img_0518.jpg

Sisters of the Past

Sister Camillus - Ada Christine Vincent

Profiled in October 2004

15 December 1906 - 5 November 1992

Ada Vincent was born in Auckland in 1906, the third child of Joseph and Maude Vincent. Both her parents died when she was very young and she was cared for and educated by the Sisters of Mercy at St. Joseph's Orphanage, Upper Hutt. On leaving school she became a ‘self-taught’ dressmaker.
In 1931 Ada entered the Congregation of the Sisters of St Joseph in Wanganui and was professed on 24 January 1934. Now Sister Camillus, she was appointed to teach at the primary division of Sacred Heart Convent School and over the years, taught at Josephite schools in Hawera, Hastings, Waverley, Aramoho, Ohakune, and Feilding.

It soon became evident that her area of special success was in the junior school, particularly in the teaching of reading to the new entrants. It was said that no child passed through Camillus' classes without becoming a competent reader. Her friendships with these pupils and their families endured over the years.

Besides teaching, Camillus’ other interests were dress-making, tapestry, knitting, and all craft work - particularly pottery. How she taught herself dress-making no-one seems to know. Certainly she was a seamstress of great ability and competence, generous in using her talent for others and satisfied with nothing but perfection in whatever she made. In the days when Sisters all wore a uniform religious habit, Camillus mastered the art of habit-making to the finest detail. This sewing for the Sisters was a sideline to her teaching, so it was all done in her free time at weekends or at night. That was Camillus - she loved to give.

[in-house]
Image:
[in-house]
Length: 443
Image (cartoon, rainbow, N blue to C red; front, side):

Camillus was a 'free spirit’, often a lone ranger, very much her own person, often pushing for change, daring to do something different. In her religious life there were roads and pathways that she had to walk down…and some wondered why. Often it seemed that when many were sedately waltzing, Camillus was away on a fast foxtrot. The music she heard was often different from others. She had to be true to herself and step to the music she heard. What sound was it that led her, in her 80's, to become a volunteer friend to the people with intellectual disability at Mangere Hospital? She said… 'I felt a call to reach out to those with special needs.' After the demands of this ministry, Camillus retired to Nazareth Rest Home in Wanganui.

Her relationship with God was the driving-force of her life. She prayed daily for long periods. Her favourite praying time was 9,10, 11 at night. When at Nazareth she could always be found in the chapel at that time. In community, Camillus was unpredictable - loveable. She brought light, love, colour, sometimes confusion into others’ lives. She was different, thought-provoking, generous. She was a wonderful example of a woman of prayer.

In the 1990, while still a resident of Nazareth, Camillus responded to a call to an alternative religious community life and extra ministry in Auckland. Two years later she returned to Nazareth. She said that though she didn't feel at all well, she was filled with great peace, and looked forward to being quiet and settled for whatever time was left to her.

Camillus died three days later, after spending her usual time of prayer in the Chapel. Her funeral Mass in Wanganui was attended by her family, Sisters, and her many friends. She was buried at Aramoho Cemetery, Wanganui.

Gallery / Whakaahua

Members Login